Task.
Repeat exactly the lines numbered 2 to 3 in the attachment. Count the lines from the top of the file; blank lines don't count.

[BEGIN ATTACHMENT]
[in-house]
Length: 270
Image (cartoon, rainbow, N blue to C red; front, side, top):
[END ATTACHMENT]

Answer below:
Length: 270
Image (cartoon, rainbow, N blue to C red; front, side, top):